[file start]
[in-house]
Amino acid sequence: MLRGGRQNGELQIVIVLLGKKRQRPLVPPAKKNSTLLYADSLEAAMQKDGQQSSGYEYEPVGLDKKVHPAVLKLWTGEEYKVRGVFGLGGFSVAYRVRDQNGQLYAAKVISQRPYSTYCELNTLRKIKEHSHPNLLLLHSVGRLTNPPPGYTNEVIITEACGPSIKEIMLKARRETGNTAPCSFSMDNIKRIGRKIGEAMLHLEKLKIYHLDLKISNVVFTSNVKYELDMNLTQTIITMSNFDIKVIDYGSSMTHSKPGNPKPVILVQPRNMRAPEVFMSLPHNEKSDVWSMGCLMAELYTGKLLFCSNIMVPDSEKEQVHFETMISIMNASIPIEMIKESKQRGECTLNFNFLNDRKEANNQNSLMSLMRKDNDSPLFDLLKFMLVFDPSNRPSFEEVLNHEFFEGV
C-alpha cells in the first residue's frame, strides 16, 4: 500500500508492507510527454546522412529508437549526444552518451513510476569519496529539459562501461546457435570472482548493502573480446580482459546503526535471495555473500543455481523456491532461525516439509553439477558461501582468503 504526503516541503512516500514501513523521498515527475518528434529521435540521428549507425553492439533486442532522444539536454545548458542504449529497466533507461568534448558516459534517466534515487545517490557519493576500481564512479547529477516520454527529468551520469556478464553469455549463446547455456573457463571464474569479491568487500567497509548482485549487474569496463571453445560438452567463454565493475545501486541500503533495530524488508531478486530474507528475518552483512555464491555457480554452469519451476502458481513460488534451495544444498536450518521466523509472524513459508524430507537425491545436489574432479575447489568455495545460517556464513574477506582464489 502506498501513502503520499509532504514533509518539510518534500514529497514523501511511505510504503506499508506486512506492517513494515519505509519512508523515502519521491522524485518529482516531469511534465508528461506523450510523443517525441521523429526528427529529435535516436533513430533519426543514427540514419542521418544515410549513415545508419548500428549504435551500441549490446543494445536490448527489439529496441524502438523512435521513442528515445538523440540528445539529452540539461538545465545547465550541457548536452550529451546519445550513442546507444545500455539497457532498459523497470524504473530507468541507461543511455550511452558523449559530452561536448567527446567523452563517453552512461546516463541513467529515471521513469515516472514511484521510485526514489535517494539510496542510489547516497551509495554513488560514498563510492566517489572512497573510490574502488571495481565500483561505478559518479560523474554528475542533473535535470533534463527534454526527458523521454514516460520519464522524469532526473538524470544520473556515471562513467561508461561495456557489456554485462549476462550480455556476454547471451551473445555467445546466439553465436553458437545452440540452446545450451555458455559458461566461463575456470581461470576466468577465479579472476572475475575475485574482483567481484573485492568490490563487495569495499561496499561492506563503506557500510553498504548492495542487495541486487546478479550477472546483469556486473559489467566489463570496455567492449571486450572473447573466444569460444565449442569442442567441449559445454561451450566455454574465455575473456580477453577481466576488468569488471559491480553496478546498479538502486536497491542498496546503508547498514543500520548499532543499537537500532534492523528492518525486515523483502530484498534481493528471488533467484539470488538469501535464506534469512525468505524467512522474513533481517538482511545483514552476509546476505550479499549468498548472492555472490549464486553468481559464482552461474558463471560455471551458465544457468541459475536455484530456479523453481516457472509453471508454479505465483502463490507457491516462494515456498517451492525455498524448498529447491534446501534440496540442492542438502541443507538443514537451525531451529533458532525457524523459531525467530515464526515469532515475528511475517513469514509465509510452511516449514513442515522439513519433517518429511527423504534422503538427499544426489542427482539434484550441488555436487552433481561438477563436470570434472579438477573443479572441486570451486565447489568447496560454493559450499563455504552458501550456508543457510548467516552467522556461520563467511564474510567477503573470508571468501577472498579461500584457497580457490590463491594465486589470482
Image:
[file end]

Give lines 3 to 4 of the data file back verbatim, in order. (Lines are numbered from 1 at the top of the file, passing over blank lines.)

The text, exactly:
C-alpha cells in the first residue's frame, strides 16, 4: 500500500508492507510527454546522412529508437549526444552518451513510476569519496529539459562501461546457435570472482548493502573480446580482459546503526535471495555473500543455481523456491532461525516439509553439477558461501582468503 504526503516541503512516500514501513523521498515527475518528434529521435540521428549507425553492439533486442532522444539536454545548458542504449529497466533507461568534448558516459534517466534515487545517490557519493576500481564512479547529477516520454527529468551520469556478464553469455549463446547455456573457463571464474569479491568487500567497509548482485549487474569496463571453445560438452567463454565493475545501486541500503533495530524488508531478486530474507528475518552483512555464491555457480554452469519451476502458481513460488534451495544444498536450518521466523509472524513459508524430507537425491545436489574432479575447489568455495545460517556464513574477506582464489 502506498501513502503520499509532504514533509518539510518534500514529497514523501511511505510504503506499508506486512506492517513494515519505509519512508523515502519521491522524485518529482516531469511534465508528461506523450510523443517525441521523429526528427529529435535516436533513430533519426543514427540514419542521418544515410549513415545508419548500428549504435551500441549490446543494445536490448527489439529496441524502438523512435521513442528515445538523440540528445539529452540539461538545465545547465550541457548536452550529451546519445550513442546507444545500455539497457532498459523497470524504473530507468541507461543511455550511452558523449559530452561536448567527446567523452563517453552512461546516463541513467529515471521513469515516472514511484521510485526514489535517494539510496542510489547516497551509495554513488560514498563510492566517489572512497573510490574502488571495481565500483561505478559518479560523474554528475542533473535535470533534463527534454526527458523521454514516460520519464522524469532526473538524470544520473556515471562513467561508461561495456557489456554485462549476462550480455556476454547471451551473445555467445546466439553465436553458437545452440540452446545450451555458455559458461566461463575456470581461470576466468577465479579472476572475475575475485574482483567481484573485492568490490563487495569495499561496499561492506563503506557500510553498504548492495542487495541486487546478479550477472546483469556486473559489467566489463570496455567492449571486450572473447573466444569460444565449442569442442567441449559445454561451450566455454574465455575473456580477453577481466576488468569488471559491480553496478546498479538502486536497491542498496546503508547498514543500520548499532543499537537500532534492523528492518525486515523483502530484498534481493528471488533467484539470488538469501535464506534469512525468505524467512522474513533481517538482511545483514552476509546476505550479499549468498548472492555472490549464486553468481559464482552461474558463471560455471551458465544457468541459475536455484530456479523453481516457472509453471508454479505465483502463490507457491516462494515456498517451492525455498524448498529447491534446501534440496540442492542438502541443507538443514537451525531451529533458532525457524523459531525467530515464526515469532515475528511475517513469514509465509510452511516449514513442515522439513519433517518429511527423504534422503538427499544426489542427482539434484550441488555436487552433481561438477563436470570434472579438477573443479572441486570451486565447489568447496560454493559450499563455504552458501550456508543457510548467516552467522556461520563467511564474510567477503573470508571468501577472498579461500584457497580457490590463491594465486589470482
Image: